And the Spirit & the bride say, come.... Reveaaltion 22:17

And the Spirit & the bride say, come.... Reveaaltion 22:17
And the Spirit & the bride say, come...Revelation 22:17 - May We One Day Bow Down In The DUST At HIS FEET ...... {click on blog TITLE at top to refresh page}---QUESTION: ...when the Son of man cometh, shall he find faith on the earth? LUKE 18:8

Sunday, May 21, 2017

The Excellent Woman of Proverbs 31 Series: vs.13

*From The Excellent Woman of Proverbs 31 written in 1847 by Anne Pratt (1806-1893)

Proverbs 31:13

The whole description, given by the inspired writer, of the employments of the Jewish matron, belongs either to primitive ages, or to those pastoral regions of modern times, in which commerce with other nations has made little progress, and foreign manufactures are almost unknown..... it is the glory of a woman that her own hand has wrought the clothing of her husband, son, or brother, and has decked the walls of their dwellings; and a helpless, useless woman, would be despised by the other females of her tribe.

And this diligent industry, so applicable to the wants of the people, had its praise of God, while the luxurious and delicate habits of the daughters of Zion, in later ages, are marked with his displeasure. It is with stern reprobation that the prophet Isaiah speaks of the rings, and chains, and mufflers, and
fine linen, of the Jewish ladies, whose haughty demeanor called for the solemn threatenings of God; and all whose ornaments were to be forgotten soon, when Zion, the faithless Zion, should be full of mourning and lamentation...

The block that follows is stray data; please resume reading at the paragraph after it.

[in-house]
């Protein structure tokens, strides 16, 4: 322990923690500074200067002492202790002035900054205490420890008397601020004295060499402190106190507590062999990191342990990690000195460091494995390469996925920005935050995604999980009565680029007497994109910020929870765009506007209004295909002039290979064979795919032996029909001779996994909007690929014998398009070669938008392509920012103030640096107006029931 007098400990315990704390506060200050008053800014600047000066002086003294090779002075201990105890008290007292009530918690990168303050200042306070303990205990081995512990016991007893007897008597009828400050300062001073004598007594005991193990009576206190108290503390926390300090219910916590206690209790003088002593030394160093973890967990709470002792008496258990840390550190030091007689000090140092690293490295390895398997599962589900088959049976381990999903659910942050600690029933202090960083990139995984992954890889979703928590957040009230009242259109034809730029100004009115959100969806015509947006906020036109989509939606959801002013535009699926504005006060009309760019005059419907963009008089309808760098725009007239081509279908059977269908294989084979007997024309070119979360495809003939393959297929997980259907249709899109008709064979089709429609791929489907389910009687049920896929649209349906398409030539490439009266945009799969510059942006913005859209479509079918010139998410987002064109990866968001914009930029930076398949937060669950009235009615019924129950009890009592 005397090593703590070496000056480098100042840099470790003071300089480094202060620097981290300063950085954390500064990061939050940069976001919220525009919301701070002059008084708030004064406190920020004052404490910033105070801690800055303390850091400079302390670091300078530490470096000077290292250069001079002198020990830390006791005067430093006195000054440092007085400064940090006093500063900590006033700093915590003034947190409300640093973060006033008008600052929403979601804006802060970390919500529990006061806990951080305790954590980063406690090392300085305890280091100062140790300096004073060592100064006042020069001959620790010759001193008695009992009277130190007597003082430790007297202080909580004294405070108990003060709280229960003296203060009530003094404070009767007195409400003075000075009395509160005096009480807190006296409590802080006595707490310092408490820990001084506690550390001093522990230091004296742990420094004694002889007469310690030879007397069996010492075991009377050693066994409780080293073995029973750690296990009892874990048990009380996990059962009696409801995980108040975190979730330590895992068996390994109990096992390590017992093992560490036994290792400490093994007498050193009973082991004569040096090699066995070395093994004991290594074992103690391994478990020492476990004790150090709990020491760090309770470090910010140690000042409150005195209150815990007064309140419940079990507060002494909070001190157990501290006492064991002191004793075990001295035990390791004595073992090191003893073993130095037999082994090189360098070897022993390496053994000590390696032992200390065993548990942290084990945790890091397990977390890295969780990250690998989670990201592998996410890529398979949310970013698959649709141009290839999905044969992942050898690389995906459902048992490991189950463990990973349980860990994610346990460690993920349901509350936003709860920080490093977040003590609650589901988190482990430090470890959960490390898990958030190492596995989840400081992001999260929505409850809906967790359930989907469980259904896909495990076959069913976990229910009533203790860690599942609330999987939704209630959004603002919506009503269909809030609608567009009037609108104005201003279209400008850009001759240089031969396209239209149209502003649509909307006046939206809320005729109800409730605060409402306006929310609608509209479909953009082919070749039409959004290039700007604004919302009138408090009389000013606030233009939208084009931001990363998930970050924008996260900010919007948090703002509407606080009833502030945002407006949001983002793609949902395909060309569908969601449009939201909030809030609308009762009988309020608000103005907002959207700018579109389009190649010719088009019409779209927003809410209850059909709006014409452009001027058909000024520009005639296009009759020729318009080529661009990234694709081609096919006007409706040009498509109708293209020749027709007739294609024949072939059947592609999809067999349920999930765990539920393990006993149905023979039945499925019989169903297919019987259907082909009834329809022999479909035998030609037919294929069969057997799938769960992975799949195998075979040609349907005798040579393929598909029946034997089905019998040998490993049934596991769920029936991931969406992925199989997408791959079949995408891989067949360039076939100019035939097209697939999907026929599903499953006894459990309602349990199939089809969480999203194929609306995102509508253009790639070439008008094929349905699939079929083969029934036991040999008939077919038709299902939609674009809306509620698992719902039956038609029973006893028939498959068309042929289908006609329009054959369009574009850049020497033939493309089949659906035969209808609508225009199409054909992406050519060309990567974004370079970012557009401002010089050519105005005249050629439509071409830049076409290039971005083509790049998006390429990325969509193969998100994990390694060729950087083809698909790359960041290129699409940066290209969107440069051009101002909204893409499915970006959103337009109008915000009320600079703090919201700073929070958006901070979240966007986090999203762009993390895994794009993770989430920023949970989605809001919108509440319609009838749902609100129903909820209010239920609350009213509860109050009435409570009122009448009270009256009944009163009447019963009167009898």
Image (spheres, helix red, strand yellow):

Flax was one of the plants earliest cultivated by mankind in masses. Its bright green stalks withered before the plague of hail, which came upon Egypt, when the flax and barley were smitten; and its bright blue flower seems to have been very abundant....Rahab had laid the stalks of flax on the roof of her house, that the scorching sun and the damp Syrian dews might macerate its fibres, when the spies entreated her compassion, and were hidden by her among the half‐dried plants.

There is a cheerfulness and heartiness in the character which the inspired writer gives of the Jewish woman. She "worketh willingly," or as some translate it, "with the delight of her hands;" and it is this willingness which lends a grace to every household employment, and infuses a spirit of alacrity into the daily duties of life. Cheerful willingness is no small virtue in a woman; for the duties performed with a smiling countenance and a ready hand, are far differently done from those which seem wrung out of necessity, and are accompanied by a mournful voice, and a languid footstep. A willing mind is enjoined, by God's word, on every performance of duty. The employments of daily life, of women especially, need often the remembrance that they are done in the sight of Him, in whose eye the lowliest act is of importance.

The flash of lightning produces a great effect; and the clearer air, and the cloudless sky, show that it has well performed God's mission; yet who would not rather that her light should shine like that of the evening star, whose tranquil rays nightly guide the traveller home, and cheer the mariner on the deep, and smile sweetly on the shepherd who watches by his fold, till they "fade away into the light of heaven."